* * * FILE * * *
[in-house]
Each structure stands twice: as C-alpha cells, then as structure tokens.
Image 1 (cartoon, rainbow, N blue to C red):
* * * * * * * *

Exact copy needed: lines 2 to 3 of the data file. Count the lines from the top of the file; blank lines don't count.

Each structure stands twice: as C-alpha cells, then as structure tokens.
Image 1 (cartoon, rainbow, N blue to C red):